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Reminiscences of glorious days gone by

Reminiscences of glorious days gone by
Highlights

Over four decades of public service, this columnist had the opportunity to work with many distinguished personages with varied backgrounds. From Kasu...

Over four decades of public service, this columnist had the opportunity to work with many distinguished personages with varied backgrounds. From Kasu Brahmananda Reddy, (who was the Chief Minister when he joined service) to Y S Rajasekhara Reddy, (who headed the then Andhra Pradesh State government which he last served as the Chief Secretary).

The list is long and comprises such eminent leaders of yesteryears such as P V Narasimha Rao, J Vengala Rao, N T Rama Rao, Dr M Chenna Reddy, Sharda Mukherjee, K C Abraham, Justice M Hidayatullah and N Chandrababu Naidu. Many incidents and experiences with those people have been chronicled elsewhere by this columnist.

There were others with whom this columnist did not work closely but had the honour and privilege of watching them from a distance. Recalling this week, in this column, are a few incidents of interest involving some of those persons.

As was well-known, J Vengala Rao was a man of very few words - the strong silent type. While this columnist was serving as the Secretary to the then Governor of Andhra Pradesh Sharda Mukherjee, one day a matter came up for consideration involving the upgradation of a post in the Police Department from the level of Deputy Inspector General of Police to Additional Inspector General of Police.

Those were the days when the head of the Police Department was only an Inspector General (IG) (not a Director General as is the case these days). A perusal of the file showed that the proposal, which had emanated from the IG, had been stoutly opposed by the Home Department of the Secretariat, the General Administration Department, the Chief Secretary, the Finance Secretary and the Minister of Home Affairs.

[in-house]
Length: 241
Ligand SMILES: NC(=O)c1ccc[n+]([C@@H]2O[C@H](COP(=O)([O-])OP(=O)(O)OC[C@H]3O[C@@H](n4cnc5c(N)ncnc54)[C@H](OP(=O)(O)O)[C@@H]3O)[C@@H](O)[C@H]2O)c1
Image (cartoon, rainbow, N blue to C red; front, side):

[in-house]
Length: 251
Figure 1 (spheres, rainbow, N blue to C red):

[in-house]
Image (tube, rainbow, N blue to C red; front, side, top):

Vengala Rao, the Chief Minister, had, however, parenthesised (in the margin) the operative portion of the note (in which the opposition to the proposal had been summarised), and interestingly enough, written the comment, "I agree. But the proposal may be approved." That just showed the type of man he was.

He not only had the grace to concur with the opposition to the proposal, but also the courage to reiterate his own desire that it may still be approved, the resistance to it notwithstanding! Naturally enough, the Governor asked what she ought to do in the circumstances. And, equally justifiably, this columnist's reply was that when all was said and done, it was the Chief Minister's desire that must be acquiesced in.

Unless, of course, the Governor had a strong enough reason to differ with the Head of the Government on what ultimately was a relatively minor administrative issue.

This columnist was the Secretary also to Governor K C Abraham, who succeeded Sharda Mukherjee. An elderly gentleman with a deceptively mild disposition, he possessed a will as strong as steel.

He was, in fact, the person who had earlier refused to budge from a principled stand when the Congress party had split following Indira Indira Gandhi's "Kamaraj Plan" to unseat the top bosses of the party. One morning, early in his tenure in Raj Bhavan, he was being examined by the medical officer.

Upon being told that the Governor was a diabetic, the doctor advised him to desist from consuming bananas. Abraham gave the doctor a sweet smile and said, "I am from Kerala. I cannot do without bananas. Kindly take that as a given and then proceed with your treatment!"

Khandubhai Desai, a veteran of the Independence movement and a noted labour leader, was easily one of the most distinguished persons to occupy the Governor's position in the then Andhra Pradesh State. It was as the Sub-Collector of Ongole subdivision in Prakasam district that this columnist had the honour of seeing Khanudbhai for the first time.